While Nafta and the WTO are important, the most significant issue that is rarely talked about is the issue of nuclear weapons, and what this bodes for all of us.
Representative Dennis Kucinich is on record with his position that he will take the steps necessary to end the threat that we face from the use of nuclear weapons, once and for all ["I am a candidate of the mainstream," Government News, December 4, 2007].
The day that Representative Kucinich is installed in office, the Hitlerian-like PATRIOT Act, will go straight out of the window and into the historical garbage pile where it belongs. The Bill of Rights will again be the currency of the people of this nation.
Day one of a Kucinich administration will see the closing of Guantanamo, and an end to torture.
Americans will once again be able to walk with their heads upright, and not in shame from the continuous criminal acts of depravity, perpetrated by this current administration.
A vote for Kucinich is a vote for yourself.
Des Moines, Iowa
Grass needs roots
After hearing Kucinich speak last night in Charlottesville, I feel like a new woman ["I am a candidate of the mainstream," Government News, December 4, 2007]. I’m definitely ready to be politically active again. Watch Kucinich on YouTube if you get a chance. It’s amazing to see how centered he is in the midst of cynicism or criticism. I believe in him, I believe that he can change this country, heal through understanding and compassionate intelligent policy and diplomacy our wounded divide over issues like abortion and Red and Blue, make every aspect of our government more ecologically conscious and sustainable, speak on a deep soul level with leaders of any country who would be willing to talk with them and CHANGE THE FATE OF NATIONS. This isn’t empty rhetoric for him. And the question of his "electability" is immaterial. He is a vital part of this campaign and of the conversation that needs to be held throughout this nation.
He’s laying the groundwork for a new, true progressive party—the party that Americans long for but are too cynical or afraid to believe is possible, to work to make happen. I think he instigates a change in people, though, by being with them and talking to them and living a completely different reality, living the truth. I’ve never felt so much faith in another human being. And then, as a statesmen, he is such a dream. We as a community need to lend our support to this man.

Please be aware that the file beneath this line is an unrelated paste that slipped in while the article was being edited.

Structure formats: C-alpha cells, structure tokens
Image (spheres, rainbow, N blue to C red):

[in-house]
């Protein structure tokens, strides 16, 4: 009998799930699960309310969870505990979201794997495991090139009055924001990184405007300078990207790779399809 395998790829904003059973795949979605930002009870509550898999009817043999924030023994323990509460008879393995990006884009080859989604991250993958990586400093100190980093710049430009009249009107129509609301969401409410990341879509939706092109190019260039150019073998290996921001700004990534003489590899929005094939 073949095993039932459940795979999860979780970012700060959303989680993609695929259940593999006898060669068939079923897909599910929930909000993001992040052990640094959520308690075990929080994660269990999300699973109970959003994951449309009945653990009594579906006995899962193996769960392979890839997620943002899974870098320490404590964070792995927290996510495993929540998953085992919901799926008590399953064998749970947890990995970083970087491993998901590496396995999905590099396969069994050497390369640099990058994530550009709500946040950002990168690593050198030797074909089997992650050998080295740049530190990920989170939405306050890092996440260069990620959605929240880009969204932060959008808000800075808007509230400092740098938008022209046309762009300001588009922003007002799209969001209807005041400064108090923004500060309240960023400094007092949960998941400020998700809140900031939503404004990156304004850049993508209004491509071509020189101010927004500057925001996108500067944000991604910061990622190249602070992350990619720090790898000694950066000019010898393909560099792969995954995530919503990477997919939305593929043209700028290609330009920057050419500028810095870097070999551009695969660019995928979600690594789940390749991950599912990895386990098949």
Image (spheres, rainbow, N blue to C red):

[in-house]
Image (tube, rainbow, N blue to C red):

We need 3,500 more signatures to get his name on the ballot in Virginia (we are evidently one of the hardest states) by next Friday. Get out and sign!
I love the ABODE insert, great idea. Can you feature people who don’t make $100K a year and don’t live in 500K houses ["And the winners are...," Green Scene, December 2007]? While I appreciate and love RiverBluff, and know many people involved in that project, I would like to have people like me given credit for living on $40K a year and building and living in a green house that is in concert with the environment. Too much emphasis in this town with the wealthy who usually don’t give anything or very little to other people, especially the needy. How about articles on poor people who are protecting the environment and decorating houses and apartments with little to no cash? How about featuring the lower middle class who live frugally and are respectful of the environment?
The invisible women
I write to criticize your coverage of Fifeville’s historic designation controversy. "Council did amend its approval, decoupling the NRHD designation with any action that could lead to design control, a separation that existed to begin with. Two residents still spoke out against approval" ["Will a 'historic' Fifeville be history," Development News, December 11, 2007].
But the December 3 Council agenda states, "The BAR has recommended an alternative type of local design control district called a Conservation District, which will be scheduled for possible adoption by City Council in the spring" (http://charlottesville.org/Modules/ShowDocument.aspx?document id=8595).
If the next step is in the schedule, how can you say a separation exists? Councilor Kendra Hamilton asked Mary Joy Scala if, indeed, the nomination is the first of a two-step process. Indeed it was, and still is. They plan to wait a while and later propose design control.
Why did those two residents speak against it despite the decoupling? They had already signed up to speak. Council had only discussed the decoupling. They had not yet voted on it.
Of more serious concern is who the reporter decided to name in the article and record in the archives of C-VILLE Weekly: Mary Joy Scala. The two residents who spoke out and won this political contest? They don’t have names or arguments. It’s as if Scala had written the article as part of her resumé, explaining again how dumb Fifeville residents are (this issue came before Council February 5).
Anne Carter and Antoinette Rhodes were the two who spoke against increased city regulation of the neighborhood. But to the C-VILLE reporter, they were invisible. He has learned nothing from his cover story of two weeks ago ["The echo of Vinegar Hill," November 27, 2007].